Brexit dance goes on as EU approves new extension for UK

Katya Adler
Europe editor
@BBCkatyaadleron Twitter

Anti-Brexit activists' EU flags are pictured alongside the Union flags of pro-Brexit activists as they demonstrate outside of the Houses of Parliament in London on 28 October 2019Image source, AFP

The EU has finally announced its informal approval of a new Brexit extension: a full three months, running until 31 January, as suggested in the UK prime minister's extension request.

But what an excruciatingly long and confusing political dance to get there. And the dance is not over yet.

To become a formal offer, the Brexit extension still needs to be accepted by Prime Minister Boris Johnson. This is EU law and an unavoidable part of the procedure. But how uncomfortable for the prime minister who sought to distance himself as much as possible from the extension, previously promising that he would rather die in a ditch than request one.

The EU is also attaching some extra wording to the extension. Brussels wants the UK to realise that this is a "flextension": the UK does not need to stay in the full three months; instead, it can leave as soon as its parliament and the European Parliament have ratified the new Brexit deal. The extension text cites 1 December and 1 January as possible "early out" dates.

Media caption,
EU negotiator "happy" Brexit extension has been granted

The EU extension text also reminds the UK that, until it leaves, it remains a fully paid-up member of the EU, including all the rights and obligations that go along with membership.

A new European Commission starts work in roughly a month's time. The new Commission President, Ursula von der Leyen, is insisting the UK nominate a new commissioner so as not to undermine the legal workings of the EU as long as the UK remains in it.

Mr Johnson is obliged by UK law to accept the new Brexit delay. But EU leaders take nothing for granted anymore. Under EU law, a no-deal Brexit is still possible as of midnight Central European Time (23:00 GMT) on Thursday.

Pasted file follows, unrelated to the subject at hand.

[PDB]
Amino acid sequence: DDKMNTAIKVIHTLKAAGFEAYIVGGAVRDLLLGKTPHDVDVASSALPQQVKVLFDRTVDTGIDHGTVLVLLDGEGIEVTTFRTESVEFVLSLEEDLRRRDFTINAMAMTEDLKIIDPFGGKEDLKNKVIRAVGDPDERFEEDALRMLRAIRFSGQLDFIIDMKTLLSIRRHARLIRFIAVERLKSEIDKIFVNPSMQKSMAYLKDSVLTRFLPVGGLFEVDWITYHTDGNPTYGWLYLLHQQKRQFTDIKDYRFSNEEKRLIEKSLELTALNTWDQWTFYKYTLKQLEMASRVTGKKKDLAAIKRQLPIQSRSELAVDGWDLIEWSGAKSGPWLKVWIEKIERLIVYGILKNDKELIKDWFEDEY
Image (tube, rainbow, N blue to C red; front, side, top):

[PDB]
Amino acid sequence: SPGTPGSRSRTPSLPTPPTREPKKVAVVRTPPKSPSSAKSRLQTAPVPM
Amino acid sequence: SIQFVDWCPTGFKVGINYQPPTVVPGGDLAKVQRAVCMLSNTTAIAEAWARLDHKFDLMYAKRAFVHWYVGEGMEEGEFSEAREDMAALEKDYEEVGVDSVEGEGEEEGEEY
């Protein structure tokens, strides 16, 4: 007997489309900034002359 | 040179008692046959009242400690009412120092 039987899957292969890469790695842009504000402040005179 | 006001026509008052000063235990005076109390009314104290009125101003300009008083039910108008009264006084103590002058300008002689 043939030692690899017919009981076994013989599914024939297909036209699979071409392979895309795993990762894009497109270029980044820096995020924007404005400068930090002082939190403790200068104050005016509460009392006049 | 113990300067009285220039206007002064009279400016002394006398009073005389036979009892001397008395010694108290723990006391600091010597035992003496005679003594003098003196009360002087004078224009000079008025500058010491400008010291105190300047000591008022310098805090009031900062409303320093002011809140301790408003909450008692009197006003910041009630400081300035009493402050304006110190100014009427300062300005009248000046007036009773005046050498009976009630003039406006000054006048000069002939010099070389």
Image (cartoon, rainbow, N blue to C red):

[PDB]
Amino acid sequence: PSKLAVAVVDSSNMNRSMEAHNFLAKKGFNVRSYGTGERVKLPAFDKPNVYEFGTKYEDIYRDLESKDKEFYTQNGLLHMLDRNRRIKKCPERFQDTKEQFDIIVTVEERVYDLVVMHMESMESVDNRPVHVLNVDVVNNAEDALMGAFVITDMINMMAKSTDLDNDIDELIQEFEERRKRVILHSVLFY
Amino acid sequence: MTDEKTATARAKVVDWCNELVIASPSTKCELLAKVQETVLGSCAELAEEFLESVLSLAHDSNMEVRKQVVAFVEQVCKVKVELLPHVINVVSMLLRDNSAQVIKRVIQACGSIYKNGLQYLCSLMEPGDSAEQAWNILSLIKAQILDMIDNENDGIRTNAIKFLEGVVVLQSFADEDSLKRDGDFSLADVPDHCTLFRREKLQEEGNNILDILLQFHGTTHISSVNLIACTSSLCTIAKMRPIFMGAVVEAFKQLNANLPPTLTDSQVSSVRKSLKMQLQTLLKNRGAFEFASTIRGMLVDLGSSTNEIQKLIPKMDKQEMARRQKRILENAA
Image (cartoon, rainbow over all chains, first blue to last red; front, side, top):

Now, if and when the prime minister despatches his ambassador to the EU to submit a letter of UK acceptance of the extension, then Brussels says it still needs another 24 hours. This is because the text was agreed at EU ambassador level. It still needs to be signed off by the "grands fromages" - leaders in all EU capitals.

And why did it take the EU so long to make a decision? Early last week, there were confident assertions being made in Brussels that the UK's three-month extension request would be approved.

Yet what followed was a seemingly shambolic make-it-up-as-you-go-along EU timetable, where "announcement day" moved from last Thursday to Friday to this Tuesday, Wednesday and now Monday.

What initially slowed EU leaders down last week was France, the one EU country deeply opposed to the three-month extension. President Emmanuel Macron agreed with Boris Johnson that a shorter, sharper extension would better focus the minds of MPs in Westminster on the newly negotiated Brexit deal.

After more than three years of Brexit confusion and indecision in Parliament, France feared a longer extension would give MPs the space to keep chasing their tails instead of coming to conclusions.

UK political discourse at the end of last week also interfered with the EU's decision-making process. Government and opposition MPs kept deferring questions about holding a general election, saying: "We'll decide when we hear from the EU about the length of the extension they're going to grant."

EU leaders did not want their decision about a Brexit delay to be politicised. Since a vote was scheduled in Westminster on Monday on Boris Johnson's push to hold a December general election, Brussels said it would announce its extension decision after that.

Media caption,
No-deal Brexit: How might it affect the EU?

But two key issues moved ahead of time over the weekend, meaning that, in the end, the EU felt emboldened to make its announcement ahead of the Westminster vote:

  1. France backed down. French President Emmanuel Macron had already isolated himself in EU circles over a recent decision to prevent two Balkan countries from joining the bloc. Had he continued to resist the longer Brexit extension, then all (furious) EU leaders would have been forced to come to Brussels this week for an emergency summit. Don't forget the current Brexit deadline is this Thursday. Politically, Paris decided the least-worst option was to accept the three-month extension. Mr Macron called Boris Johnson on Sunday to discuss his decision.
  2. Rather than wait for the parliamentary vote on Monday, the Liberal Democrats and the Scottish National Party said they supported a December election. The EU felt it could therefore announce its extension decision on Monday morning ahead of the vote.

And after the extension has been signed off this week, Brussels will watch from the sidelines, arms folded, as the next moves are decided in Westminster.

Hope runs deep in the EU that Brexit will now finally be decided by UK politicians and voters, but there is a lingering sense of doubt here too.

Based on more than three years of false dawns in the process, the EU knows there is a distinct possibility, come January, that the spectre of yet another Brexit extension could rise once again.